Length Question Types
60 Minutes 14 Pre-Algebra Questions
10 Elementary Algebra Questions
9 Intermediate Algebra Questions
9 Coordinate Geometry Questions
14 Plane Geometry Questions
4 Trigonometry Questions

 
ACT Math Question Format

All of the Math questions follow the same basic, multiple-choice format. They ask a question and offer 5 possible answer choices. The questions cover a full range of math topics, from pre-algebra and elementary algebra through intermediate algebra and coordinate geometry, to plane geometry and even a little bit of trig.

Although the Math questions, like those in other sections, are not ordered in terms of difficulty, questions drawn from elementary school or junior high tend to come earlier in the section. This doesn’t necessarily mean that the easier questions are first.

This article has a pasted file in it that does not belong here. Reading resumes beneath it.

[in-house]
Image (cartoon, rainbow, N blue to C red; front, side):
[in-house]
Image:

We’ve found that students perform better on the material that’s freshest in their minds.; Do you remember the math you learned in 7th grade?


The ACT Reading Section

On the ACT Reading section, you’ll be tested on Social Studies, Natural Sciences, ​Literary Narrative or Prose Fiction and Humanities. You’ll have 35 minutes to answer 40 questions—that’s about 50 seconds per question! The section contains four passages, each followed by 10 questions.

Length Question Types
35 Minutes 10 Social Studies Questions
10 Natural Sciences Questions
10 Literary Narrative or Prose Fiction Questions
10 Humanities Questions

 
ACT Reading Question Format

There are four categories of reading passages: Social Studies, Natural Sciences, Humanities, and Literary Narrative or Prose Fiction. You’ll get one passage in each category. The passages are about 1,000 words long and are written at about the same difficulty level as college textbooks. After each passage, you’ll find 10 questions.